Rabbits, also known as Bunnies, are much more than the adorable, fluffy, carrot-munching creatures that cartoons or a storybook makes them out to be. They themselves dig the warrens- where they live and even eat their own droppings. We are presenting below 14 cool and interesting rabbit facts to help you learn more about the furry pet.
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1. Baby Rabbits Are Called “Kits”
Baby rabbits are called “kittens” which are often referred to as “kits”. A female bunny is called a “doe”, while its male counterpart is called a “buck”.
2. Bunnies Live in the Complex Tunnel Systems, Called Warrens
They live in warrens- a series of elaborate tunnels and rooms reserved for nesting and sleeping. They themselves dig the warrens, which have multiple escape points that allow the animal to escape quickly.
3. Bunnies Need a Company
Rabbits are incredibly active social creatures. They naturally live in groups. If you have a pet rabbit, so keeping it in a pair will greatly improve its quality of life. They will give each other the much-needed companionship, and warmth during winters. If kept alone, they can become sad and depressed.
4. Just Like Humans, Rabbits Get Easily Bored
Let’s suppose that you’re trapped in a small cage with no toys or friends to play with, it’s quite obvious that you’ll get bored and depressed. The same goes with bunnies. In the wild, they run along with the fields and socialize with their other bunny friends. Just like that, playtime is equally important in captivity. This can be done by keeping enough toys such as paper balls, paper towel rolls, cardboard canisters, etc. to keep them entertained.
5. Rabbits “Binky” When They’re Super-happy
You’ll know a bunny is binkying because it will jump and do a twist in mid-air. This adorable behavior is known by an adorable name- “binky” within the rabbit community and it symbolizes pure joy.
6. Bunnies “purr” When They’re Happy
Like cats, bunnies create a purr-like sound when they’re content (but not at binky-joy level) by rubbing their teeth together.
7. Bunnies Eat Their Own Droppings
Yes, you heard that right! After digesting a meal, rabbits will re-ingest their feces and process it a second time. These special droppings are called “cecotropes” that are meant to be eaten. It may seem gross, but these poops contain special nutrients for a rabbit’s diet. By redigesting their feces, the rabbits are able to absorb nutrients their bodies missed in the first go.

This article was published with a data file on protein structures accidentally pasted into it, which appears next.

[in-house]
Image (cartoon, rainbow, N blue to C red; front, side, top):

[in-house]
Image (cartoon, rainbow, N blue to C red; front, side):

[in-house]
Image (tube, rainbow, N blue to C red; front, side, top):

8. Life Span
The wild rabbits have a life span of around two years. The reason behind this can be attributed to predators, harsh climatic conditions, and some sort of prolonged illness. Otherwise, the average life span of a rabbit is about 8 years, though those who are sterilized (spayed/neutered) may live up to 10-12 years.
9.Bunnies Are Crepuscular
Lot many of you would be thinking of a rabbit as a nocturnal animal (who sleeps during the day and stays awake at night), but this is not true. Neither do they stay up during the day and sleep at night, like humans. Rather they’re crepuscular, which means they’re most active at dusk and dawn.
10. Bunnies Are Very Effective Baby-Makers!
A rabbit is ready to start breeding when it’s just around 3 to 8 months old. Mother rabbits have a gestation period of around 30 days, after which she gives birth to about 4-12 kits, in a single litter.
11. A Rabbit’s Nails and Teeth Never Stop Growing!
Like human fingernails, a rabbit’s nails are always growing and need to be trimmed at least once every six weeks.
Speaking of their teeth, rabbit teeth continue to grow throughout their lives. In the wild, rabbits keep their teeth short by chewing on grass and hay, which helps wear down the teeth. This wearing down of teeth is very important to protect rabbits from problems of tooth decay. For the domesticated rabbits, you’ll need to provide them with wooden toys and timothy hay to chew on so that their teeth don’t get too long.
However, if the problem of overgrown teeth still persists, then a trip to the veterinarian becomes necessary for teeth trimming.
12. Bunnies Have Almost 360 Degrees of Vision
Rabbits are born with their eyes shut. But, once their eyes open, their vision covers nearly 360 degrees. Because their eyes are positioned on the sides of their heads, it’s quite difficult to sneak up on a rabbit. However, they do have a small blind spot directly in front of their faces.
13. Rabbit’s Ears Serve Multiple Purposes
Rabbits have long ears which they can rotate by 180 degrees to pinpoint the exact location from which a sound is coming. This allows them to detect any threats that might be approaching them.
These oversized ears, in addition to enabling them to perceive potential danger, help them to regulate their body temperature. On a hot day, the blood vessels in the year expand to release heat and help cool the bun down.
14. Bunnies Can’t Vomit
Rabbits are remarkably hygienic and self-groom in much the same way as a cat does. However, a cat can cough up a hairball, a rabbit cannot. This is because the rabbit’s digestive system can’t move in reverse. They deal with the swallowed fur by eating plenty of roughage, which enables them to push it through their digestive tract.
As rabbits cannot vomit, so it becomes very important to feed them only healthy and appropriate food.
The cuteness, high energy, and delightfulness of rabbits make them great pets for children and adults alike. But pet rabbits must have adequate space to exercise like running and hopping. If they don’t get enough exercise when they’re young, they become more susceptible to broken bones as they age.
So, if you/ your family is planning to adopt a bun, make sure that you’re ready for some serious responsibility.